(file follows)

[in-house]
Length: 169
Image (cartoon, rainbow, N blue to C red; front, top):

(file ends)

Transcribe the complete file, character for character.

[in-house]
Length: 169
Image (cartoon, rainbow, N blue to C red; front, top):